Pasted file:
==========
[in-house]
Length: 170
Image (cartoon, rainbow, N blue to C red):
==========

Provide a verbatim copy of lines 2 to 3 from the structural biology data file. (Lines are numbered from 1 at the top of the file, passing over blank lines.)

Length: 170
Image (cartoon, rainbow, N blue to C red):